Complexities may arise due to the “carving up” of the capital structure. Many mezzanine loans are originated as part of a mortgage/ mezzanine structure in the CMBS market, with the originator selling off certain pieces and keeping others. Often, the servicing or collateral agency rights for each tier of indebtedness are retained in the originator or its successor, who also may have significant exposure in one or more of the tiers of indebtedness.
In a distress situation, this can create significant conflicts of interest between a servicer/collateral agent that also holds an interest in a mortgage or mezzanine tranche and another holder of an interest in a mezzanine tranche. This conflict may impede the exercise of remedies by a mezzanine lender.
For example, if the servicer/collateral agent or holder of a mortgage loan also holds a blocking or controlling interest in a mezzanine tranche, and such party is in negotiations with the borrower to grant concessions under a matured or defaulted loan, that party can effectively block the exercise of remedies by the mezzanine tranche or provide any necessary consent on behalf of the mezzanine tranche, even if it is against the interests of the other holders of that tranche to do so, on the basis that such party’s interest as mortgage lender is better served by making the concessions.
Regardless of its interests, the servicer/ collateral agent has fiduciary obligations to its principal, the mezzanine holder, under general principles of agency law. The relevant agreements may contain express waivers of such fiduciary obligations, though it is not clear to what extent any such waivers would be enforced by a court. A prudent mezzanine lender will fight the inclusion of any waivers of fiduciary duty with vigor. In the event any conflict becomes apparent, the mezzanine lender must also put the servicer/collateral agent on notice of the conflict of interest, underscoring the fiduciary obligations of the servicer/collateral agent.
Foreclosure of a mezzanine loan under Article 9 offers many benefits to a secured party, chief among them the streamlined process that generally achieves the desired result both faster and more economically than a mortgage foreclosure. A foreclosing mezzanine lender should make sure that at each point in the foreclosure process its actions are carefully considered to minimize the chance of a challenge for lack of commercial reasonableness. The secured party who has followed the recommendations of Moody’s Investors Service in structuring and documenting the mezzanine loan at the outset will be in the best position to negotiate a satisfying outcome in a distressed loan situation.12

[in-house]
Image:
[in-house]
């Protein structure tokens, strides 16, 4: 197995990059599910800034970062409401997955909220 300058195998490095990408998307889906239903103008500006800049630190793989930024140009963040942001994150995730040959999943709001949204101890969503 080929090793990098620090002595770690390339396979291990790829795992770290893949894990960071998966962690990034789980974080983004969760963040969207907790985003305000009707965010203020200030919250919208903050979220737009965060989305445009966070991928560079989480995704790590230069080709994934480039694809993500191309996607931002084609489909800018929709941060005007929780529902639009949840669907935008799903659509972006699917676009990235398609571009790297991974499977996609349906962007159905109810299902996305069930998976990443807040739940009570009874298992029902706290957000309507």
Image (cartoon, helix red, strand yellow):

One final note: A mezzanine lender must also be careful what it wishes for. Once the foreclosure is completed, the mezzanine lender may find itself in the unfamiliar situation, for which it may be ill-equipped, of having to operate the property and deal with the various competing property interests. Moreover, once the mezzanine lender takes control of the pledged entity, various claims against the distressed entity may only begin to come out of the woodwork.
1. Article 9 governs the perfection of security interests, and refers a secured party to Article 8 in order to determine how perfection is accomplished for both certificated and uncertificated securities where the pledged entity has opted into Article 8. In general, the lender will want to qualify as a “protected purchaser” under Article 8 of the UCC in order to cut off all adverse claims in the pledged equity collateral. For further discussion, see James D. Prendergast and Keith Pearson, “How to Perfect Equity Collateral Under Article 8,” 20 No. 6 Practical Real Estate Lawyer 33 (2004).
2. The industry standard intercreditor agreement can be found at http://www.cmbs.org/WorkArea/ showcontent.aspx?id=10064.
3. Official Comment 7 to UCC §9-610.
4. A UCC Foreclosure Notice Insurance Policy, certifying the identities of security interest holders and lien holders of record, will soon be available from First American Title Insurance Co.
5. UCC §9-610 (c).
6. See Ford & Vlahos v. ITT Commercial Finance Corp., 8 Cal 4th 1220 (1994).
7. For a comprehensive discussion of this issue, see Lynn A. Soukup, “Securities Law and the UCC: When Godzilla Meets Bambi,” 38 UCC L.J. 1 Art. 1 (2005).
8. UCC §9-627(a).
9. UCC §9-620(c)(2)(C).
10. See John C. Murray, “Carveouts to Nonrecourse Loans: They Mean What They Say!,” 19 No. 3 Prac. Real Est. Law. 19 (2003).
11. See the form intercreditor agreement (http://www.cmbs.org/WorkArea/showcontent. aspx?id=10064), at page 6. The institutional investor would need to meet a negotiated assets management threshold, be a ’33 Act “qualified institutional buyer” or meet certain other related requirements.
12. See DANIEL B. RUBOCK, MOODY ’S INVESTORS SERVICE INC., US CMBS AND CRE CDO: MOODY ’S APPROACH TO RATING COMMERCIAL REAL ESTATE MEZZANINE LOANS 3 (2007). Moody’s recommends a pledge of 100 percent of the equity, opting in to Article 8, certificating the equity, filing a financing statement, control of the ability to opt out through hardwire or proxy and the purchase of UCC insurance.
The New York Law Journal
May 7, 2008